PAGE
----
Thankfully, our research reached decision makers on the Criminal Procedure Rules. In August 2020, courts were advised to stop asking the nationality question and in February 20201 the Rules were finally changed to abolish the question being asked at the beginning of every case.

This is a good result, however we are only too aware of how much further the British justice system has to go. Few of the Lammy Report recommendations have been implemented and the situation has, according to Lammy, in fact deteriorated.

There is still too much fear of ‘immigrants’ and ‘foreigners’, we need to fight even harder to call out policies that impact on the fairness of the justice system towards Black and minority ethnic groups.

Read More

Commons Sense 05 – after ITV’s Quiz, what is next for Charles & Diana Ingram?

In 2001 Major Charles Ingram, a contestant on ‘Who Wants to be a Millionaire?’, was said to have cheated his way to the top prize of £1m by relying on coughs from an accomplice in the audience indicating the correct answers. This alleged accomplice was Tecwen Whittock. Charles’ wife Diana, sitting in the audience, was supposedly also in on the ruse. The trio were convicted at Southwark Crown Court in 2003.

For the last 17 years, Charles and Diana have steadfastly maintained their innocence. Rhona Friedman of Commons is representing the couple in their upcoming appeal (read more here – you can also watch a dramatized version of events in ITV’s Quiz). Here we explain what the legal process looks like for the Ingrams.

What crime were the Ingram’s supposed to have committed?

Many people do not realise that cheating on a gameshow can be a criminal offence. The specific crime that Charles, Diana and Tecwen were convicted of is “procuring the execution of a valuable security by deception”. 

  • A valuable security can be a document which transfers one person’s right in property to another – e.g. a cheque for a million pounds. 

  • A cheque is executed when the property owner – say, the show’s host Chris Tarrant – signs it. Charles and the others are said to have “procured” the signing of the cheque because it was alleged that they did something which caused Chris to sign it, like giving 15 correct answers.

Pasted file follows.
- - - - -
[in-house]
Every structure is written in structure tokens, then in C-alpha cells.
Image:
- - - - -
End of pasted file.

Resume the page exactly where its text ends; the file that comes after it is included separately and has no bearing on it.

• Finally, they were said to have achieved all of this by deception – in this case, it was the apparent cheating which was the false representation. If, whilst slowly working his way through the answers, talking Chris through his thought process, Charles was really just buying time whilst waiting for Tecwen to cough to indicate a correct answer, then he was falsely representing to the host that he was playing by the game’s rules. 


How can the Ingram’s get their conviction overturned? 

Charles and Diana were convicted by a jury sitting in the Crown Court. That means only the Court of Appeal can overturn their conviction. In 2004 Charles unsuccessfully tried to appeal. Diana has so far not applied for permission to appeal and so we are preparing Grounds of Appeal for her alone at present. This will be based on advances in scientific evidence which were not available in 2003, the year of the original trial.  

Diana needs to apply to the Court of Appeal for permission to appeal. This is a written application, in which the defendant (now called the appellant) attempts to convince a single Court of Appeal judge that it is “reasonably arguable” that their appeal could succeed.